“For cinematic, larger-than-life television, The Big Valley cannot be topped. Starring five first-rate actors as a wealthy ranching family, the sweeping, colorful outdoors series depicts an idealized American West. Respect is earned, ranching is business, and cowboys are heroes. It’s rugged individualism in one rich, powerful family.

“The Barkleys own half the San Joaquin Valley in the 1870s. Widow Victoria is played by the indomitable movie star Barbara Stanwyck, eldest Jarrod, a San Francisco lawyer, by the late Richard Long, angelic Audra by Linda Evans (Dynasty) and half-brother Heath by a young Lee Majors (The Six Million Dollar Man). Despite Heath being fathered by her late husband and another woman, Victoria welcomes him into the family with her head held high, in defiance of the community, which refuses to accept Heath as a Barkley.

“The Big Valley also features Heath’s rough, intemperate brother Nick, played by actor Peter Breck, who recalls the fistfights, the shootouts and the demanding stunts. In one episode, Nick drives a Mexican cattleman, played by Martin Landau, off Barkley land when he won’t remove an anthrax-infected herd. But Breck’s horse was spooked.

“I was dragged,” Breck remembered, speaking from his home in Canada. “Martin Landau was shooting over a rock and as I rode up, an explosion went off. I was over my mark, and Boom! The horse went on the wildest eleven seconds I ever had. At one point, I looked up and got it right in the bottom of my chin.” Another time, Nick and Heath encounter a rabid beast ready to pounce on the livestock. “It was a timber wolf,” Breck said. “They threw him off a rock and on to me and doubled the close-up with a German shepherd. We would rehearse it and the gaffers would get up there with him and throw him at me. The paws were going every which way.”

“That episode was “Night of the Wolf,” which memorably features director Ron Howard, already playing Opie in The Andy Griffith Show, as a boy who looks up to Nick. Other first season guest stars include Katharine Ross (The Graduate) as the beautiful Mexican aristocrat who is Heath’s first love, Charles Bronson as an alcoholic trapped in a collapsed church with Victoria following an earthquake and Beah Richards (Sidney Poitier’s mother in Guess Who’s Coming to Dinner?) as a woman who helped raise bastard Heath.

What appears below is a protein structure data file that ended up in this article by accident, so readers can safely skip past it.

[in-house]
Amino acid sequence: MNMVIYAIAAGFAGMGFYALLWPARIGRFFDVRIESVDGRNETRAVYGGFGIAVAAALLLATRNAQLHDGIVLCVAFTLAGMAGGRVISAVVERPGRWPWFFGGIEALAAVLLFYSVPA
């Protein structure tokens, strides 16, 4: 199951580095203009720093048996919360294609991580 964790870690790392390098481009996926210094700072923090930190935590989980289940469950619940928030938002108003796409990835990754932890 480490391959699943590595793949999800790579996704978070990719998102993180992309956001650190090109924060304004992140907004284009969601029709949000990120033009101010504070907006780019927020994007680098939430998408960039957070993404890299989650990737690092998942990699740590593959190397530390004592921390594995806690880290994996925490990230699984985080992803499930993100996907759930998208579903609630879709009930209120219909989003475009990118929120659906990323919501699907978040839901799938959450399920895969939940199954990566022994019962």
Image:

“Like Gunsmoke, The Big Valley dramatized serious conflicts on principle—involving property rights, justice, racism—and, like the similarly structured Bonanza, the action centered on a family. There the parallels end.

“From its rousing opening score, the show conveys an epic feel, with gorgeous photography in southern California’s Santa Clarita Valley and Ventura County that lingers on wide vistas that give the moral dilemmas a broader canvass. The cast is easy on the eyes, too, whether Audra gallops across the landscape in her form-fitting Western wear to watch the wild Mustangs or the virile Barkley boys are on screen.

“The Barkleys’ idealism, evident in nearly every episode, is anchored in realism threaded with ironic humor. Each member of the family is unique—Jarrod is consistently rational, Nick is passionate, Heath is introspective, Audra is kind—and they are united by common values.

“Holding them together, insisting that each be treated as an individual, is Miss Stanwyck as their mother, an unwavering voice of reason and integrity and always with love. 77-year-old Breck, whose stage work spans Shakespeare, Ibsen’s A Doll’s House and his personal favorite, Cyrano de Bergerac, said working with one of the screen’s brightest stars was a constant reward.

“I’d get chills,” Breck explained. “She would look at me with those eyes and our characters had a bond. Barbara was a tiger.” Breck, who lost his only child to leukemia when his son was 28, lives with his wife of 46 years in British Columbia, far from Hollywood in more ways than geography. “I do miss the old Hollywood,” he told this columnist, “I’m not too happy with what’s there now. I did Jiminy Glick in La La Wood—they gave me the role of the head of the studio—and it was just a rush job. Everything’s too fast now and you can’t go bang-bang-bang and get a performance.” As an afterthought, he added: “They don’t make good movies anymore.”